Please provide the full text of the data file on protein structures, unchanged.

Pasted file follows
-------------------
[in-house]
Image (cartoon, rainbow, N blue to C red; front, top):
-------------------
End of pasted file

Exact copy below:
[in-house]
Image (cartoon, rainbow, N blue to C red; front, top):